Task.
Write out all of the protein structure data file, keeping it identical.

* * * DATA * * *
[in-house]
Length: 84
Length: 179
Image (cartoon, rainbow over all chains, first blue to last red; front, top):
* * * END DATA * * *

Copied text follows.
[in-house]
Length: 84
Length: 179
Image (cartoon, rainbow over all chains, first blue to last red; front, top):